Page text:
One night, late, during the last years of the Troubles, I was driving from the North into the Republic, along country roads and through dark villages, with “The Lion and the Cobra,” Sinead O’Connor’s debut album, blasting on the car stereo. I was singing, fired up by the thrilling energy of “Mandinka,” when I became aware of flashing blue lights.
I stopped, turned the music off, wound down the window and began to say that I knew I had been speeding and I was sorry. The policeman interrupted. It was not that; I had sped through a checkpoint on the border. Had I not seen the soldiers?
On Wednesday, Ms. O’Connor’s body was found in a London apartment. She was 56. Impossible and yet so terribly believable. She had danced on the edge of the dark all her life.
Auden wrote of Yeats, “Mad Ireland hurt you into poetry.” Cruel Ireland hurt Ms. O’Connor into song. She called Ireland a theocracy. She was furious that in a country that had supposedly fought for and won its freedom, women and children were so silenced and disempowered. She understood and had experienced pain, neglect and injustice and sang for those who also knew these things.
How glorious it was in the grim 1980s to see Ms. O’Connor onstage, bald, wearing a tutu and Doc Martens, flaunting her pregnant belly. How liberating to hear that unearthly voice of a punk angel, swooping and soaring, ferocious one moment, sweetly tender the next. She was always utterly herself.
“Black Boys on Mopeds,” her poignant ballad about hypocrisy, police violence and racism, will always remind me of Belfast, Northern Ireland, in that era when I worked in a rape crisis center and it seemed Margaret Thatcher would be the British prime minister forever.
In 1992, Ms. O’Connor tore up a photo of Pope John Paul II during an appearance on “Saturday Night Live,” and people said she’d ruined her career. She said it had set her in the direction she had always wanted it to go. She was a protest singer, she explained, not a pop star. Kris Kristofferson stood by her and wrote a riposte to her critics: “Maybe she’s crazy, maybe she ain’t, but so was Picasso, and so were the saints.”
On Thursday she was on the front pages of all the Irish newspapers. I have been surprised by how stricken I am. Others have said the same. “Devastated” is the word most used.
On Wednesday night I watched videos of Ms. O’Connor performing and read some of the tributes on social media. Two stood out for me. One quoted the Yeats poem that inspired her extraordinary “Troy”: “What could have made her peaceful with a mind/That nobleness made simple as a fire. … Why, what could she have done, being what she is?/Was there another Troy for her to burn?”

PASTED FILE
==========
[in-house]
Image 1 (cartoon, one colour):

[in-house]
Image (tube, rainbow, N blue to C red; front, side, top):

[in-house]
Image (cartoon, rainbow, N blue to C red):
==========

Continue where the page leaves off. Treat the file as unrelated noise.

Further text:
Another was from Women’s Aid Ireland: “Thank you Sinéad. For your fearless voice and courageous light. You truly challenged an Ireland, and a world, that stifled women, children and anyone who didn’t conform.”
In a statement on Wednesday, Michael D. Higgins, Ireland’s president, spoke of her “fearless commitment” to exposing uncomfortable truths. Ireland is bereft. We feel that she was ours. But there is the same dawning realization that came after the death of Seamus Heaney in 2013; Ms. O’Connor was not Ireland’s alone, nor is the loss.
A couple of days before she died, I was sorting through some papers and found the tickets I had bought for my daughter, Caitlin, and me to see Ms. O’Connor perform at the Botanic Gardens in Belfast. I bought the tickets as Caitlin’s Christmas present in 2019. There were two pairs of tickets in the drawer, because Caitlin had the same idea for my present.
The show should have been in June 2020, but lockdown got in the way. We were hoping the tour would be rescheduled. Friends who saw her in Dublin talked about what superb form she was in, how amazing it was to hear her sing “Nothing Compares 2 U,” the audience singing with her. They said you could see her delight as she realized they were singing it to her.
I met her once, briefly. She was with a brave and eloquent man who was a survivor of clerical abuse. She stood beside him, tiny in a big brown duffle coat. She smiled at me, the big, dazzling eyes alight.
Susan McKay is the author, most recently, of “Northern Protestants: On Shifting Ground.”
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